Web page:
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OAHU Publs., Inc. v. Abercrombie

Supreme Court of Hawai'i

July 31, 2014

OAHU PUBLICATIONS, INC., dba the Honolulu Star-Advertiser, Petitioner/Plaintiff-Appellee,
v.
NEIL ABERCROMBIE, in his official capacity as Governor of the State of Hawai'i, Respondent/Defendant-Appellant

CERTIORARI TO THE INTERMEDIATE COURT OF APPEALS. ICA NO. CAAP-13-0000127; CIV. NO. 11-1-1871.

Diane D. Hastert, Robert H. Thomas, Mark M. Murakami, and Christopher J.I. Leong, for petitioner.

Charleen M. Aina, for respondent.

RECKTENWALD, C.J., NAKAYAMA, J., AND CIRCUIT JUDGE BROWNING, IN PLACE OF McKENNA, J., RECUSED, CIRCUIT JUDGE CASTAGNETTI, IN PLACE OF POLLACK, J., RECUSED, AND CIRCUIT JUDGE CHANG, IN PLACE OF WILSON, J., RECUSED.

OPINION

Page 160

[134 Hawai'i 17] RECKTENWALD, C.J.

We consider whether the Intermediate Court of Appeals (ICA) erred in denying Oahu Publications' request for appellate attorneys' fees and costs. In brief summary, Oahu Publications filed the underlying suit against The Honorable Neil Abercrombie, in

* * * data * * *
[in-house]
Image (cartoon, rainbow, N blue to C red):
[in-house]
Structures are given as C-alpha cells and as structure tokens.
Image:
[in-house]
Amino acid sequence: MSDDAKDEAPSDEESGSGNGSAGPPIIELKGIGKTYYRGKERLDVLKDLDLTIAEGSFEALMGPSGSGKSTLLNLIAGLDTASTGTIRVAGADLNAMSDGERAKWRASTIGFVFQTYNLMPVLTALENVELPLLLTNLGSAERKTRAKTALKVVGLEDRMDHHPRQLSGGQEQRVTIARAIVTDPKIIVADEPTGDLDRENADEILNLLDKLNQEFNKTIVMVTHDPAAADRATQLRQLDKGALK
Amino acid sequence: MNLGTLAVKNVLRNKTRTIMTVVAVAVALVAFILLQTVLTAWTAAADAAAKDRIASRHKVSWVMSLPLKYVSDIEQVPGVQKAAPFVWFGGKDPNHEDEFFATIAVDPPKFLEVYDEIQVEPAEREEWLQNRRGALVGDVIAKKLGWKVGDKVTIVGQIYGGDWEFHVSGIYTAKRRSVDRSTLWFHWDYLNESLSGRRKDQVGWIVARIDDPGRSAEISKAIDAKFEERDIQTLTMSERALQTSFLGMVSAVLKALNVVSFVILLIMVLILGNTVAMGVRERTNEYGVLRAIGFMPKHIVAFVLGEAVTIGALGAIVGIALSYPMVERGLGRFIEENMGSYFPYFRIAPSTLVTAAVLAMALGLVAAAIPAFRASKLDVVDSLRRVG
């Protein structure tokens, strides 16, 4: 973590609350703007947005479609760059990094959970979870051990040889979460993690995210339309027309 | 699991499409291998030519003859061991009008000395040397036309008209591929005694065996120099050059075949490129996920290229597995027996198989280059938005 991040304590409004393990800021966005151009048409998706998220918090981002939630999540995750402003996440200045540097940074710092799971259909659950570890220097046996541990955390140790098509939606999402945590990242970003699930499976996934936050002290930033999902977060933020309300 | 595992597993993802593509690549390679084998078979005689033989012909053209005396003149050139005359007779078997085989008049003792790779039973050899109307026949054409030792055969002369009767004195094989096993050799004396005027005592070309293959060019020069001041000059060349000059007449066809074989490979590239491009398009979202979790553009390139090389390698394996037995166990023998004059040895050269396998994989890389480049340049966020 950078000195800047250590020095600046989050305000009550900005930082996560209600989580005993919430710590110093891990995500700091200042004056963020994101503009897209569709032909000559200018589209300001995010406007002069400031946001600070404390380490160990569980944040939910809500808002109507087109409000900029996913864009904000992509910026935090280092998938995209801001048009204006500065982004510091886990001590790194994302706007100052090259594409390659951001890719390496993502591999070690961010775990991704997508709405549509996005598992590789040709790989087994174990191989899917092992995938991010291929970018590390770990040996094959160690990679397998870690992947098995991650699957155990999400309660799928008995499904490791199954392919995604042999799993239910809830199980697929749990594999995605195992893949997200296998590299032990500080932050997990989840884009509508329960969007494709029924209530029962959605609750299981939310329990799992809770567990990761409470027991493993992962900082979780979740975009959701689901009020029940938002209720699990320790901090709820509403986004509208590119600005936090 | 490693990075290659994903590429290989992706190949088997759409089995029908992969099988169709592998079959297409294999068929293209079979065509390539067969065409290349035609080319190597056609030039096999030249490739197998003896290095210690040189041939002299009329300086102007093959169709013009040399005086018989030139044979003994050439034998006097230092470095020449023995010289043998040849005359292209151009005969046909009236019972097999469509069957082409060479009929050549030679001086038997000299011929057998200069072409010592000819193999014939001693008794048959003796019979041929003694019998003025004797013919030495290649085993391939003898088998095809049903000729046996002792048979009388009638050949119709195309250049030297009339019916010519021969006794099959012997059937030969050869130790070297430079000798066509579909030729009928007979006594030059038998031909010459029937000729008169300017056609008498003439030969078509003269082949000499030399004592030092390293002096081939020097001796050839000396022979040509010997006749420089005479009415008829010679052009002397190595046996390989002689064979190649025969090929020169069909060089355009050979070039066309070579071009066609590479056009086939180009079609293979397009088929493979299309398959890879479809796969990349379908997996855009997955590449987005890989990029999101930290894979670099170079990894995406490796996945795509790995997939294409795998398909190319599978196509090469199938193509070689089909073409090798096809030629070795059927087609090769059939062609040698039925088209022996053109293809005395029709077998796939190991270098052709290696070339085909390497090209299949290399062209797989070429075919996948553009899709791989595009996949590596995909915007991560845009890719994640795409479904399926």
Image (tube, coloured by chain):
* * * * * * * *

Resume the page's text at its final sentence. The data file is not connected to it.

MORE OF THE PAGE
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[134 Hawai'i 18] his official capacity as Governor of the State of Hawai'i, under the Uniform Information Practices Act (UIPA), Hawai'i Revised Statutes (HRS) Chapter 92F, seeking to obtain the list of nominees considered for a vacancy on the Hawai'i Supreme Court. After the parties filed cross-motions for summary judgment, the circuit court [1] entered summary judgment in favor of Oahu Publications, ordering disclosure of the nominees' names. The circuit court also awarded Oahu Publications attorneys' fees and costs pursuant to HRS § 92F-15(d) (1993).

The Governor appealed to the ICA only with regard to the circuit court's award of attorneys' fees and costs. After the parties had briefed the case, the ICA dismissed the appeal for lack of jurisdiction because of an error in the circuit court's judgment. After the circuit court corrected the judgment, the Governor filed a second appeal. In the second appeal, the parties agreed to re-submit the briefs filed in the first appeal, with updated citations to the record on appeal. In a summary disposition order, a majority of the ICA affirmed the circuit court's award of $69,027.06 in fees and costs to Oahu Publications, except for $564.60 of photocopying costs.

Oahu Publications then filed a request for appellate fees and costs in the ICA, which included fees accrued during both the first and second appeals. The ICA denied Oahu Publications' request for fees incurred during the first appeal, concluding that the request was untimely under Hawai'i Rules of Appellate Procedure (HRAP) Rule 39(d)(2) (2007). The ICA granted Oahu Publications' request with respect to the second appeal in its entirety.

In its application, Oahu Publications presents a single question: